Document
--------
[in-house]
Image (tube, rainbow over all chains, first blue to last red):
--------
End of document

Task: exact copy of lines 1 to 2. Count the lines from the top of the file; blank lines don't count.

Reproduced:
[in-house]
Image (tube, rainbow over all chains, first blue to last red):